Monday, December 19, 2011
The world is upside down today. I should have known when I looked out my kitchen window this morning and saw a red fox looking up at an eight point buck, right there together. What were they thinking? The blurry picture I took after hastily grabbing my camera doesn't really say.
Yesterday at about this time, I was puzzling over the fact that our church was about to take down the most beautiful poinsettia tree we've ever had. Our flower guild had spent a fortune on it, and it was up for one day, and that was it. I was just sick over it. I hate wasting money, especially in this great time of need, and if we'd only known maybe three weeks sooner, we could have canceled the order and not spent the money. That all seemed so important yesterday.
But today my head is spinning with deep sorrow. I am devastated over the loss this morning of my friend Rosa Haynes. Rosa turned sixty-six Saturday before last, the day after she was taken to the ICU with pneumonia. She worked all her life cleaning people's homes, although she wasn't as big as a minute. The instant she walked in, you felt her good cheer and her concern, always for you, and never complaining of her own chronic illness and meager finances.
Rosa was quiet and had great dignity, with never a drop of self pity or resentment for her own lot in life. She loved animals, and they loved her. My late pit bull rescue always knew when it was Thursday. He took up a position at the upstairs window well before Rosa was due to come. Then, he would go wild with joy when he saw her car top the hill of the driveway. Helen Fraser, another employer, said that her cat Tomato would have nothing to do with anyone, but adored Rosa, and Rosa adored him. Helen had been set to take Tomato for a visit when Rosa went to the hospital. Instead, Helen sent her a tuft of Tomato's fur so she could feel close to him.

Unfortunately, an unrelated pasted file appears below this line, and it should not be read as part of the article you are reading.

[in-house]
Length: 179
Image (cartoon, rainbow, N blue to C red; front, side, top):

Last week, garden designer Marcia Yeager gave me the generous gift of a new Christmas rose, Helleborus niger 'HGC Jacob'. This morning I went out wandering around, looking at the bird feeders which Rosa had filled so many times over the years and thinking how much she loved flowers, even though she had no place to grow any for herself.
Remembering Marcia's gift, I walked around to the other side of the house to discover that the white buds on the hellebore had opened up. I dusted off some flecks of mud I'd likely splashed on the plant when I'd watered it. For some reason this flower brought me some comfort, its face looking out on the chilly morning.
For you, Rosa, heaven will be a place where you'll have your own home with a yard full of flowers and a house filled with dogs and cats. You'll have your own hummingbird feeder, and, like you did here, you'll delight when a woodpecker lands on the side of a hickory tree outside the window. You'll be able to watch over your beloved son and daughter and grandchildren, and there won't be any financial worries. And maybe best of all, it will be a place where cars never, ever need new tires or break down and leave you stranded on a busy road.
Missing you always, dear Rosa. You made the world a better place and were such an inspiration to so many, though you were way too humble to ever know it.